Guiding Principles for International Initiatives

Guiding Principles for International Initiatives

Vision

Georgia Tech's international activities will embody its motto of Progress and Service, empowering students and faculty to provide solutions to global challenges. These activities will instill in our students the conviction, social courage, and intercultural sensitivity needed to collaborate across geopolitical, cultural, and linguistic boundaries to become effective leaders.

Excerpt from the Global Positioning Strategy

As Georgia Tech’s impact and reach continue to grow, we are constantly asked to partner with universities and institutions around the world.  We should be selective in targeting and selecting high-impact collaborations, eschewing partnerships where our efforts are spread so think so as to garner little impact.  We should continue to foster an entrepreneurial climate of faculty-driven engagement.  We must find the right balance between being strategic and seizing new opportunities. As we do so, we must follow four basic principles.

 

GUIDING PRINCIPLES FOR INTERNATIONAL ACTIVITIES

1. The international activity enhances Georgia Tech’s academic activities.

The proposed initiative must:

  • Enhance the student experience, advance Georgia Tech’s existing strategic goals in our academic, research, capacity building and/or economic development missions.
  • Demonstrate clear value to the Institute, enable unique opportunities, and benefit the Atlanta campus and the State of Georgia.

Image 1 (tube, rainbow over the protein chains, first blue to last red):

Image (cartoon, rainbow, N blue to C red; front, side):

• Be consistent with Georgia Tech and University System of Georgia policies; Georgia Tech’s ethical values (integrity, respect, community, accountability, adaptability); and principles around academic freedom and inclusion. 

2. The international activity is sustainable long-term.

The proposed initiative must:

  • Have a strong leader/advocate (preferably a faculty member), as well as institutional support (School, Dean, International Initiatives and campus leadership).
  • Follow an articulated strategy and plan, and have appropriate objectives, budget, and deliverables.
  • Emphasize longer-term partnership and commitments, over short term, one-off initiatives. We should not outsource research and educational delivery.

Institutional partners should be of a high caliber, so that the partnership reflects and enhances the Institute commitment to the highest quality.


3. The international activity brings clear benefits to Georgia Tech, and is resource- and opportunity- positive.

The proposed initiative must:

  • Be financially and intellectually sustainable, self-supporting, faculty-driven, and net resource-and opportunity-positive to others on the Atlanta campus. It should be viewed through a lens of ROI in terms of finances and time. It should not only protect, but also enhance the Georgia Tech brand. 
  • Expand Georgia Tech’s competencies and capabilities in ways that would not be possible without the international initiative.
  • Leverage Georgia Tech’s existing hubs (Lorraine and Shenzhen) and not create opportunities that compete with them.

Start small and establish proof of concept before jumping into large scale and risky initiatives (crawl, walk, run). A physical facility is not a pre-requisite to creating a presence.


4. The international activity thoughtfully manages and minimizes risk. 

The proposed initiative must:

  • Carefully assess potential financial, reputational, export/HR/legal, safety, and political risks.
  • Develop risk mitigation plans to address and minimize identified risks, address political and social sensitivities, and ensure open access to all.

Any identified risks should be proportional to the anticipated benefits. Activities where the risks cannot be reasonably managed to achieve the maximum benefits should be declined.

 

Related Resources:

Georgia Tech's Strategic Vision and Plan

Ethics at Geogia Tech

Institute Values